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CWEC Early Career Economists Lunch-Time Series (2022-2023)

27 Mar 2023
1:00pm - 2:00pm EDT


The Canadian Women Economists Committee (CWEC) is once again hosting a brownbag series! It will be held on the last Monday of every month from October 2022 to April 2023. We are seeking women economists early in their careers who are interested in sharing a 20 minute presentation of a work-in-progress.

Research shows that women economists are treated more harshly in research seminars than men. Additionally, while many PhD students receive valuable feedback from their advisors, once they graduate, there is often a lack of opportunity for presenting work-in-progress. This can slow down the road to tenure, and add to the problem of the "leaky pipeline". This brownbag series is intended to provide a low-risk, friendly atmosphere where feedback can be sought, and serves as an opportunity to (virtually) meet other women economists and expand your network.

2022-2023 Schedule:
Each session is held at the same time (10 AM PT/11 AM MT/12 PM CT/1 PM ET/2 PM AT).

April 24, 2023


April 24, 2023 Event Details:

Dr. Qiongda Zhao

Title of the paper: Design Matters: Causal Evidence on Cash Benefits and Fertility 

Child-related benefits are a common policy tool in many countries aimed at reducing the costs of raising children and increasing fertility rates. However, the impact of benefit design on fertility responses remains understudied. This paper aims to fill this gap by examining the introduction of two benefits - a universal benefit and an earnings-related benefit - in the Canadian province of Quebec. Using Canadian administrative tax data and exploiting regional and time variation in benefits, I follow a difference-in-differences approach to uncover fertility responses to these benefits. The empirical analysis reveals two key results. Firstly, a C$1,000 (2017 prices) spent on universal benefits raises fertility by 3.6%, while the same amount spent on earnings-related benefits raises fertility by 2%. Importantly, the increase in fertility reflects an increase in the ultimate number of children, rather than a re-timing of having children. Secondly, the large discrepancy in fertility responses is driven by the distributional features of the two benefits. Universal benefits provide larger payments to low-earning women who are more responsive to financial incentives, while earnings-related benefits provide larger payments to high-earning women who are less responsive.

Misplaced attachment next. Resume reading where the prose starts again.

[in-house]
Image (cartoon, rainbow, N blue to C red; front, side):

Dr. Deepty Sarder

Title of the paper:  Examining the Income Gap between Canadian-born and Immigrant Working Age Adults

The income gap between immigrants and Canadian-born counterparts has been a persistent issue in Canada. While previous studies have shown a decline in earnings among immigrants compared to Canadian-born individuals, they did not take into account various forms of income. Additionally, studies have revealed that recent immigrants holding university degrees are more likely to be employed in low-income jobs with lower educational prerequisites. This study examines the income gap between immigrants and Canadian-born working-age adults using the 1996, 2006, and 2016 waves of the Canadian Census. Blinder-Oaxaca decomposition methods were used to analyze the explained (differences in observable characteristics) and unexplained (returns to observable characteristics) factors affecting this gap. Results show that immigrants typically earned less than Canadian-born respondents, and the gap grew due to unexplained factors. However, taxes reduced the gap by almost 37% in 2006 and 33% in 2016. Higher levels and returns to education reduced the gap in 1996 and 2006, but in 2016, returns to education contributed to its increase. Furthermore, returns to experience and group-identification increased the unexplained gap, which may be evidence of discriminatory practices. However, firms may also be reducing the valuation of immigrant human capital. Thus, policies to address international accreditation and disparities in global education and employment standards may help reduce the gap. 


CWEC Brownbag Speaker Application Form.

Attendee Registration Form. 

Canadian Women Economists Committee Homepage

27 Mar 2023
1:00pm - 2:00pm EDT

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